I have been lucky enough to stand on the top of the 3 Sisters three times. I say lucky because two of the three times was with the help of a helicopter. The heli would land us just below the summit then we would climb the last 500 metres of vertical on our own, which was a still a decent climb. Over the years Ascent has been pressured enough times not to bring people up there with a helicopter for many reasons, so this time my friend Alex Hanson and I took a stab at it without the help of flight, and the feeling of cresting the peak by our own means was incredible.
Alex and I have been filming together for the past few years, mostly in the winter and it seems every time we go out something stops us from achieving our goal – snow conditions, bad light or weather has turned us around many times. Being summer there are far less variables so we hoped to pull off a successful mission.
Our mission was to summit the middle Sister via Hiko’s Trail. Me with my bike and Alex with his camera gear. We were to spend the night on the peak capturing sunset, the stars and sunrise, then of course the incredible descend from the peak.
We left the truck at 3pm, and with the amount of gear we were packing we guessed it would take us seven hours to reach the top. We both had heavy packs loaded with food, water, camping gear, Alex’s two camera’s including a drone and my bike.
Fifteen minutes in to our hike, it began to rain. It came down hard and I watched the leaves surrounding us dance under the rain drops, something we have not seen in a while. I welcomed the rain, but Alex was worried about his gear getting wet so we hid under a tree until the small storm passed and once the rain stopped we continued on.
We took our time climbing the ladders through the steeps beside The Jumping Waters and continued passed the Bisaro Cave. We were making good time considering our load, then thunder clapped above us and we looked at each other and laughed. Because of the nature of our mission we had to pack accordingly. We didn’t have room for a tent, or an excessive amount of warm clothes. Rain on the peak would mean disaster but the single thunder clap wasn’t going to scare us off. We discussed it and neither of us were that bothered by the idea of having to turn around and walk back in the dark if we had to. Luckily, the higher we got the better the weather became. We pressed on through the tree line and up to The Pass.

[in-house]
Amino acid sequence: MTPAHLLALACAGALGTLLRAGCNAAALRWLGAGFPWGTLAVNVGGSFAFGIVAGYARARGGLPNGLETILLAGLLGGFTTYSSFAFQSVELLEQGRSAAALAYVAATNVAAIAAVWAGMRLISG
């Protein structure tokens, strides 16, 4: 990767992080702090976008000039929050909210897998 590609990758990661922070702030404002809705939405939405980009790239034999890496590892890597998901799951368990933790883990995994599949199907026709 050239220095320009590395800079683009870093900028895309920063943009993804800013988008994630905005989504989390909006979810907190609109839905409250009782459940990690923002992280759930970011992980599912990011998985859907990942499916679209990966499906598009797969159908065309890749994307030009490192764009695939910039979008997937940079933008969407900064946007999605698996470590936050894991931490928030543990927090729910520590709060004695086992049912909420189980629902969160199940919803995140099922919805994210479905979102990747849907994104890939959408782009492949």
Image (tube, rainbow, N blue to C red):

It had only been four hours, we were ahead of schedule and figured it would take us about an hour to reach the peak. It is the hardest part though, the last stint. It is nothing but shale and I had to carry my bike on my shoulder almost the entire way. Our tired legs shook beneath us as we made the final steps up the last section of the hike. Placing my tires on the ground at the summit was one of the most rewarding ascents I’ve ever done. We made it in time for the sunset, and what a sunset it was.
We got the drone in the air and took some shots then set up our sleeping quarters. The only cover from the elements we had were the rock walls protecting us from the wind. After the sun set behind Mt. Fischer we waited for darkness. Equally as Fernie began to glow, so did the the stars and I have never seen stars like that. We could see the entire ring of the galaxy stretching from one side of the Earth to the other. Alex took some photos and set up a star-lapse that would run all night, then we went to bed.
I was more prepared for the cold then Alex, but even I was cold. Neither of us slept very well that night and as soon as the sun came up, we rose with it, seeking it’s warmth and admiring it’s beauty as it stretched it’s rays across the peaks all around us. I geared up for more shots and Alex flew the drone and did some more time-lapses capturing the amazing sunrise.
Now, it was time. I felt nervous. The ride down the from the peak is extreme to say the least and we were already on top. There was no warm up, just coast in and drop which I did twice to get two different angles with the drone. After the second shot I waited for Alex to climb down to me and even though now I was below the summit I felt even more on top of the world then I did on the peak. The rush I got from descending that section of trail and hearing how stoked Alex was on the shot had me firing on all cylinders. I was amped and still had 3000ft of vertical to ride.
Unfortunately the gimbal on the drone stopped working after the two shots we got off the top so we were not able to film the other shots we had planned, which fit in with the rest of our ‘failed’ missions, but this mission was not all a complete failure – it was a feat. We battled through harsh alpine conditions, got some wicked photos and some breathtaking footage.
Once back in town both Alex and I felt the strain of the mission, I dealt with an intense fever and Alex had huge blisters on each foot, but we both agreed it was worth it and something we would do again, something we had to do again. For we have unfinished business in those hills.
A few weeks ago my good friend Levi and I planned a short canoe trip down the elk river. I couldn’t find my waterproof speaker so therein lied a difficult decision. Do we bring his speaker? It was a lot more expensive than mine and not waterproof. He asked if we would flip and I said that it’s one of those things, like crashing your bike, you never plan on it but it can happen at anytime. So I left the decision up to him. We are both DJ’s and music is engrained in us, so he decided it was worth the risk to have music on the float.